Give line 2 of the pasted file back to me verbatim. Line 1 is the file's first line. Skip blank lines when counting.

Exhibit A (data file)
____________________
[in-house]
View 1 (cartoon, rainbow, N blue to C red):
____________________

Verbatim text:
View 1 (cartoon, rainbow, N blue to C red):